Protecting polar bears

PolarBearFind out about the Born Free Foundation’s work to ensure the future of the polar bear

The ruggedly beautiful polar bear is the Arctic’s most powerful hunter, and at nearly 3m in length and up to 800kg in weight, the biggest species of bear in the world. International wildlife charity the Born Free Foundation is working to protect these animals and their habitat in Hudson Bay, on Canada’s Arctic coast.

Hudson Bay in northeast Canada is the second-biggest bay in the world (after the Bay of Bengal). In the autumn, polar bears wait on the shoreline for the salt water to freeze, then go onto the ice and catch seals. The seals provide them with a rich store of fat. This is vital – polar bears rely on this in the warmer months when they can’t hunt, and pregnant females give birth in a snow den, where they remain for three months, living off their fat. Global warming is a massive problem and polar bears’ greatest threat. Higher temperatures mean this freeze happens later every year, which has a deadly impact. Polar bears have less time to hunt for food, so they lose condition and struggle to survive – tragically numbers are decreasing.

Polar bear research
Conservation is essential and Born Free is working to help ensure the future of this symbol of the Arctic. The charity supports an important project with York University in Toronto, Canada. Scientist Dr Gregory Thiemann is studying polar bears in southern Hudson Bay, the most southerly population of polar bears in the world. These vulnerable bears are under threat and Dr Thiemann is finding out more about their behaviour, where they are distributed, what they eat, what their body condition is and what we need to do to protect them.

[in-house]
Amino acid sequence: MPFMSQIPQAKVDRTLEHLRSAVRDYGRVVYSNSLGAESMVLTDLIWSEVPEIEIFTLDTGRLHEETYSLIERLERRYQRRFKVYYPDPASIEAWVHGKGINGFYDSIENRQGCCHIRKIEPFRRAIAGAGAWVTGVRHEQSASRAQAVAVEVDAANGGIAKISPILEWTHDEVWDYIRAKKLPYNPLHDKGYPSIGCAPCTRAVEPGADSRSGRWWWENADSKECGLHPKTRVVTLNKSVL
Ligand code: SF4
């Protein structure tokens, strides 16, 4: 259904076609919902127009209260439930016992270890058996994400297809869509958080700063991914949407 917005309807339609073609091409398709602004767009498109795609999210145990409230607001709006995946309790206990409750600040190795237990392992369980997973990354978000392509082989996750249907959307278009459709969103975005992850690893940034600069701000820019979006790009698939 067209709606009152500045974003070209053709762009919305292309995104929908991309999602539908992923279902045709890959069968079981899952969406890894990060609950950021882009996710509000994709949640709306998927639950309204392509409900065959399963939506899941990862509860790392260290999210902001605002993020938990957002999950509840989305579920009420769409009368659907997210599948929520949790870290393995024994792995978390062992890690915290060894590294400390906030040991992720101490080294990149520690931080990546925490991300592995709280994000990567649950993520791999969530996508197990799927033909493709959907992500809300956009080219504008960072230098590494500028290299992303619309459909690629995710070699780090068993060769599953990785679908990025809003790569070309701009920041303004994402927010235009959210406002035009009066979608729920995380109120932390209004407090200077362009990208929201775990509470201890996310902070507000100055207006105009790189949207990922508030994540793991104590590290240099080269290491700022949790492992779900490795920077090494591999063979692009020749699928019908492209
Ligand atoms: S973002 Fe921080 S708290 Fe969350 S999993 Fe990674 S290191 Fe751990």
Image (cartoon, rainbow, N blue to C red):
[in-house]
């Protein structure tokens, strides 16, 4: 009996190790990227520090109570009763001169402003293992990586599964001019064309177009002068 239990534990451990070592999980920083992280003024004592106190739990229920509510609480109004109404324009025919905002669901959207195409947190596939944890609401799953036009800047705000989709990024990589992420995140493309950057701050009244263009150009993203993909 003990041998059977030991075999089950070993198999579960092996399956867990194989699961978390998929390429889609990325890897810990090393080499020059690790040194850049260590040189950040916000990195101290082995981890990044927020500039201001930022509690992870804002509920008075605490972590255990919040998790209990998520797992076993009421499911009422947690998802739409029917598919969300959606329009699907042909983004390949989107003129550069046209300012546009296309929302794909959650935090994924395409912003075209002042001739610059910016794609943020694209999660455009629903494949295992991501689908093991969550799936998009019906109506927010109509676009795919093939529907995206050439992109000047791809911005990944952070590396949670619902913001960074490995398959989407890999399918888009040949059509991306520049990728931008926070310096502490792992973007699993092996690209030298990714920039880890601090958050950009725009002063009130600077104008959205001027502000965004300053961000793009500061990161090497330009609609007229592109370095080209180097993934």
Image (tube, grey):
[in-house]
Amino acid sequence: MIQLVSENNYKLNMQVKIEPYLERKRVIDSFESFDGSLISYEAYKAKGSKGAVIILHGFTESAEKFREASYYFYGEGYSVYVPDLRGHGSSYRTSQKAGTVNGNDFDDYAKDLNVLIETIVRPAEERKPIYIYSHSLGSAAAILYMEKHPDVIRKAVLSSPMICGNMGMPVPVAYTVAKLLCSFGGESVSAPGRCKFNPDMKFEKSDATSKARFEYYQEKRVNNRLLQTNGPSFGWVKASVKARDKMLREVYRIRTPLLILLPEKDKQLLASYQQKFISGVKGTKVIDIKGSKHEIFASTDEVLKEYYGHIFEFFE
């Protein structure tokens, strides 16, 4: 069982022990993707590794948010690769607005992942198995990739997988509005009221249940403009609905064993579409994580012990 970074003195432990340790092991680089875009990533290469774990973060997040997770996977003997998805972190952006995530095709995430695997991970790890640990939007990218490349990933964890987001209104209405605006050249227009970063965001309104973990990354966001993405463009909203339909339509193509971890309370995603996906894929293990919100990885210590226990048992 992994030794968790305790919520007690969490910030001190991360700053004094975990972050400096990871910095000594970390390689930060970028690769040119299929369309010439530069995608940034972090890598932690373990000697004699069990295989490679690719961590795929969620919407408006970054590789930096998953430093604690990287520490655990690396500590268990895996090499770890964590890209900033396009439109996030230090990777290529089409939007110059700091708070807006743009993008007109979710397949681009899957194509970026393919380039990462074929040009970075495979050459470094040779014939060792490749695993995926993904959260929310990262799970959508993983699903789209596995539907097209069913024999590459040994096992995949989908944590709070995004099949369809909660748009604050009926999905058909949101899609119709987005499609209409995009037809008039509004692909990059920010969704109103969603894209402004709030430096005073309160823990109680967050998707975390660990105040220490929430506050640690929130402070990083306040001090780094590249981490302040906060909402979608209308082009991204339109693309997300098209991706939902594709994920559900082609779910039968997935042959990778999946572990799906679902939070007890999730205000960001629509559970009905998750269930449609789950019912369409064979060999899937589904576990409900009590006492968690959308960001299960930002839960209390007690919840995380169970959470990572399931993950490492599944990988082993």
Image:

To do this some of the bears have satellite collars to enable the team to track them. Much of the land the bears travel over is inhospitable to people, access is perilous and temperatures are sub-zero. The special collars send signals to a passing satellite, which are relayed to a computer so the bears can be tracked remotely.

In captivity
Meanwhile, in the confines of captivity, far-ranging polar bears can suffer terribly in zoos.
They can exhibit distressing behaviour patterns – pacing back and forth and repeatedly waving their heads. Born Free exposed their exploitation in British zoos, and campaigns today to end the keeping of all polar bears in captivity.

Please help KQ & the Born Free Foundation to safeguard Africa’s wildlife by placing any loose change in the envelopes provided and handing to a member of the cabin crew. The money received will help us in our fight to ensure a future for Africa’s wildlife. Thank you!